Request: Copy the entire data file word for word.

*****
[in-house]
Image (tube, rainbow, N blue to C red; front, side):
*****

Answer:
[in-house]
Image (tube, rainbow, N blue to C red; front, side):